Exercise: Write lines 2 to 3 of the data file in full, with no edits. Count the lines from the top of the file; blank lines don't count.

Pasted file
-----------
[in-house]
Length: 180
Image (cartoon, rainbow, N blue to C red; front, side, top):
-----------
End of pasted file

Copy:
Length: 180
Image (cartoon, rainbow, N blue to C red; front, side, top):